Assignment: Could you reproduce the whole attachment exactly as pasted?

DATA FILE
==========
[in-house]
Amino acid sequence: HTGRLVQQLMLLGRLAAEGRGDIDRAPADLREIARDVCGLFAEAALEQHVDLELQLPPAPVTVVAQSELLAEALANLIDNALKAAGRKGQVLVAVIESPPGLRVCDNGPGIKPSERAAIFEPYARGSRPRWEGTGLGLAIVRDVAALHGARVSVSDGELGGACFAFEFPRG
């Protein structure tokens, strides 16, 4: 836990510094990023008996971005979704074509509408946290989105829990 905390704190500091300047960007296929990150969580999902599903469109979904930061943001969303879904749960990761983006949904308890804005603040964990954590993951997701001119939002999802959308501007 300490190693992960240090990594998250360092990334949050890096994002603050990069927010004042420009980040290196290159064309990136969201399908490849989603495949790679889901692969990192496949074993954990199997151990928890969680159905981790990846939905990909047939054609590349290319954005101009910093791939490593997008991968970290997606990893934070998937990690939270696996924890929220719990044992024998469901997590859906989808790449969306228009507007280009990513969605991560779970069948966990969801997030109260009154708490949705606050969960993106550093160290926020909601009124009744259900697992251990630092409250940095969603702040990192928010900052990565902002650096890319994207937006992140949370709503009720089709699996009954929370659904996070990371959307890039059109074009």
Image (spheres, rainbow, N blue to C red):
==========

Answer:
[in-house]
Amino acid sequence: HTGRLVQQLMLLGRLAAEGRGDIDRAPADLREIARDVCGLFAEAALEQHVDLELQLPPAPVTVVAQSELLAEALANLIDNALKAAGRKGQVLVAVIESPPGLRVCDNGPGIKPSERAAIFEPYARGSRPRWEGTGLGLAIVRDVAALHGARVSVSDGELGGACFAFEFPRG
């Protein structure tokens, strides 16, 4: 836990510094990023008996971005979704074509509408946290989105829990 905390704190500091300047960007296929990150969580999902599903469109979904930061943001969303879904749960990761983006949904308890804005603040964990954590993951997701001119939002999802959308501007 300490190693992960240090990594998250360092990334949050890096994002603050990069927010004042420009980040290196290159064309990136969201399908490849989603495949790679889901692969990192496949074993954990199997151990928890969680159905981790990846939905990909047939054609590349290319954005101009910093791939490593997008991968970290997606990893934070998937990690939270696996924890929220719990044992024998469901997590859906989808790449969306228009507007280009990513969605991560779970069948966990969801997030109260009154708490949705606050969960993106550093160290926020909601009124009744259900697992251990630092409250940095969603702040990192928010900052990565902002650096890319994207937006992140949370709503009720089709699996009954929370659904996070990371959307890039059109074009």
Image (spheres, rainbow, N blue to C red):